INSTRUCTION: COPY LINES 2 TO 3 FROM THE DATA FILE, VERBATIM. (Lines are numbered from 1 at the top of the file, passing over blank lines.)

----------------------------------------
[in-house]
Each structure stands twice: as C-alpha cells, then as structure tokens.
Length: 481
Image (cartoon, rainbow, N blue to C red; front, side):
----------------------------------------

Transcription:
Each structure stands twice: as C-alpha cells, then as structure tokens.
Length: 481